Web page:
Plantain and Cassava Fufu

Have I told you about the feeling of fullness yet? Reading about the reverence many West and Central African cultures give to how it feels to have eaten and to be satisfied by a skilled cook, was a revelation to me. It was a perspective on what makes good cuisine that I hadn’t considered before.

So what better way to appreciate this (for me) newfound culinary philosophy than to make the starchy staple which has come to epitomize it: fufu! It’s not bread. It’s not porridge. It’s a kind of starchy, doughy, hybrid of both.

Likely first invented in what is modern day Ghana, fufu is a deceptively simple yet ingenious way to eat your daily carbs. Just about any carb will do: yams, sweet potatoes, corn, plantains, and cassava being the most common across Sub Saharan Africa today.

I’ll be making my very first fufu with the latter two, Cassava (or yuca) and plantains. We’ll be cooking, pounding, and somewhat binding the rich starches in these African staples into a creation that’s simultaneously food and a spoon for eating other food.

WEST-CENTRAL AFRICAN FUFU

3 large green (unripe) plantains
1 medium-large cassava root

Prep and peel the plantains and cassava. Use a sharp knife to carefully sheer away the hard outer layer of the cassava. For the plantains, slice off the ends, then score the peel lengthwise on each side before soaking for 10 minutes in very hot tap water to easily remove the peels.

Cut both into a rough large dice, then combine in a pot with cold water to cover. Bring the water to a boil and cook for about 10 minutes until tender all the way through. Drain, but reserve some of the water.

Mash very thoroughly with a potato masher until very smooth (You can use a food processor if desired, but make sure not to puree. Just pulse carefully until smooth). When you think it’s mashed enough, KEEP GOING! You have to really work it. The mixture should become starchy and sticky, like the texture and consistency of overworked mashed potatoes.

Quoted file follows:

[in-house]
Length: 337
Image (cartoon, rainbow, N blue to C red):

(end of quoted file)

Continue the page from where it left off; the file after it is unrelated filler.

Let cool to room temperature or just slightly warm. Add 1/2 cup of the reserved cooking water back in. Then, with wet hands, scrape up the mixture into a dough like mass and knead it in the bowl, wetting your hands as needed to keep from getting too sticky. Shape into one giant ball, or several smaller ones.

BEHOLD FUFU!

Okay, not the most exciting picture I’ve ever taken, but how about with a spicy, tomatoey, West African inspired fish stew?

That’s more like it. Recipe for the stew coming soon!

When the fufu is completely cool, tear off a piece and roll it into a smaller ball between your fingers, then flattening it with your thumb to create a miniature spoon/bowl.

Use it to scrape up stews and chops, as side dishes are referred to in West Africa. Fufu is both food and eating implement, meant to be simple and filling, taking on the qualities and flavors of whatever you dip it in, but it’s also satisfying enough to make a meal of its own.

It’s tasty and unique, a little like moldable mashed potatoes you can pick up and dip. I can’t wait to try some different kinds! Maybe yam or sweet potato fufu will be next. See you next time!

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